The Allied Bomber Command mission scheduled for that evening had been a dual attack on the synthetic oil producing plant at Kamen and a raid on the Dortmund Elms Canal. 234 aircraft from the Northern 4 and 6 Groups took on the first mission while 222 bombers from 5 Group, Lincolnshire, tackled the canal, They departed bases at around 10:00 pm on 3 March 1945. The mission ran smoothly, until the return, when they ran into trouble in the form of Operation Gisela. On this clear night, some of the early returning aircraft had inexplicably switched on their navigation lights much earlier than usual, despite warnings of the dangers of possible predators. Those following did the same.This gave the circling intruders a clear, enticing target.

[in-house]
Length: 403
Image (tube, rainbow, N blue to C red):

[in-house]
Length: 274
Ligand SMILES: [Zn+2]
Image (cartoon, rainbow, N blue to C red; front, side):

Having already claimed two Halifax Bombers of 158 Squadron returning to RAF Lissett, near Bridlington, Hauptmann Johann Dreher (Iron Cross) flying his Junkers JU88, set his sights on a French 347 Squadron Halifax returning to RAF Elvington. At about 1:50 am, as Capitaine Notelle approached Elvington, he received the warning of the attack just as the airfield lights went out. He pulled his aircraft up and headed north for Croft, narrowly escaping the menacing intruder.

Elvington Runways Today